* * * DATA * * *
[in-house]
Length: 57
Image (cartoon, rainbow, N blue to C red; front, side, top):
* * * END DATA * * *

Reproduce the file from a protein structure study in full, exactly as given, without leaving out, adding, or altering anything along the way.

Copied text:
[in-house]
Length: 57
Image (cartoon, rainbow, N blue to C red; front, side, top):